The Peoples of Utah, Navajos

The Peoples of Utah, ed. by Helen Z. Papanikolas, © 1976
“The Navajos,” pp. 13–27
by Clyde J. Benally

In beauty (happily) I walk.
With beauty before me I walk.
With beauty behind me I walk.
With beauty below me I walk.
With beauty above me I walk.
It is finished (again) in beauty.
It is finished in beauty.

–Night Chant

It is generally agreed that the Navajos, the largest Indian tribe in the United States, came into the Southwest sometime after A.D. 1300, even though the Dine’ (“the People”) themselves do not attest to this. The Dine’ mention their strong relationship to their Anasazi, the Ancient Ones, in their mythology and ceremonies. This relationship justifies to them permanent ties and absolute use-fights to the native land that is bounded by four sacred mountains: the Blanca Peaks in New Mexico on the east, Mount Taylor in New Mexico on the south, the San Francisco Peaks in Arizona on the west, and the Hesperus Peaks in Colorado on the north. The Navajos live “in severely eroded plateau country . . . colorful, beautiful to look at, but hard to make a living from.”1

In this red earth country of monoliths, buttes, and bridges of rock made by erosion of time, the Dine’ had no concept of real ownership of land but instead one of communal property. Use-rights were established by anyone who used and needed the land. The Dine’ philosophy embodied Father Sky and Mother Earth as the parents of all and gave no individual absolute title to a piece of the sky or the earth. Also, they asked, who in his right mind would hold absolute ownership when his existence on this earth is but brief?

Father Sky is sacred as are his offerings: air, wind, thunder, lightning, and rain. Mother Earth is also sacred and all that she offers the Navajos is therefore sacred: mountains, vegetation, animals, and water. Many prayers for blessings are addressed to Mother Earth, Father Sky, the Four Winds, and White Dawn, to name a few.

Food and shelter are more than utilitarian objects for the Navajos who are always conscious that they are Mother Earth’s gifts. Their food is simple and easily prepared. Mutton is commonly eaten; other meats are small game like rabbits and prairie dogs and large game such as deer and antelope. Infrequently a horse is butchered and all of the animal is used: the meat and entrails are eaten fresh or dried for later needs and the hide is made into footwear, belts, and articles of clothing. Corn is used not only for food but for offerings to the gods and for the mundane yet useful repair of leaky baskets. A large portion of Navajo myth is centered around corn, telling how Changing Woman (Nature), who created the ancestors of the Dine’, gave instructions on how it should be raised. The dependability of corn for food is emphasized; cornmeal mush, cakes, and bread are some of the corn foods.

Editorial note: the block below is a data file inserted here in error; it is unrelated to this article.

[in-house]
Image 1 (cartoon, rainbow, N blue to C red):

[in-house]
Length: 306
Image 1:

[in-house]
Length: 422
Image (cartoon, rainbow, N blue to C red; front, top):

When wheat flour was stocked by trading posts, the Navajos conceived their well known fried bread, made from flour, baking powder, salt, and water (sugar and milk may be added), formed into flat rounds, and fried in lard or animal fat. Every cook has her own special recipe. For baking loaf bread, an outdoor earth oven is used.

The hogan, like corn, has deep religious importance. A similar structure, the Navajos believe, was used by the gods when they first laid down the ceremonies for the people. Every ceremony ends with a sacred hogan chant and everyone inside the hogan must be awake when it is sung.

There are two types of hogan, both built according to religious dictates that require four main support posts: one each in the east, west, south, and north for the different gods in these directions. The hogan always faces east and the space inside is organized around the centrally placed fireplace.

The conical type of hogan is the original kind and is made by leaning cedar logs together to form a smoke hole and doorway. The domed-roof, or round hogan, is larger and has support posts arranged in a circle with logs laid from post to post. The logs are intersticed one upon the other until a small smoke hole is left at the top of the dome. The support poles are usually in multiples of four. A typical domed hogan usually has eight supports, but there could be as many as twelve. The logs are covered with brush, bark, and dirt.

Chants for the purification and blessing of the hogan belong to a multitude of rituals that are the fabric of the complex Navajo religion. Religious rites and the conduct of daily life are centered in the Navajo ideal: to live in sacred harmony, in beauty, and in blessedness. A vast knowledge of Navajo myths, history, and folk tales is needed to understand the repetitive, seemingly meaningless chants–often called “sings” or “dances.”

Some rites are short, like the diagnostic ritual in which the hand trembler (diviner) observes a sick person to determine the nature of his illness and the appropriate healing ceremony. A significant short rite is the morning prayer to White Dawn to welcome a new day. Pollen from corn tassels is used and is richly symbolic of purity as well as of peace, happiness, and prosperity. Pollen-sprinkling along with specific chants consecrate and sanctify hogans, patients, prayer sticks, dry (sand) paintings, and cornmeal mush that is eaten ceremonially. Navajos call the haze in the air, pollen of morning sky and pollen of evening sky.2

The complex and lengthy rituals include, among many, the various three-day sings, five-day sings, and the nine-day sings. Some of these are often referred to as the Squaw Dance (Enemyway or Enemy chant), the Yei bi chai (Night chantway), and the Fire Dance (Mountain chantway).3